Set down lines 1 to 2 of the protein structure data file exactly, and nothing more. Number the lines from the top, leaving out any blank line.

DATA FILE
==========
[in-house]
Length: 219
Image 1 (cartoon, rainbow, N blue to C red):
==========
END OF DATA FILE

[in-house]
Length: 219